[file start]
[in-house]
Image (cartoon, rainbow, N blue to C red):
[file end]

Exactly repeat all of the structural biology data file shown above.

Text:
[in-house]
Image (cartoon, rainbow, N blue to C red):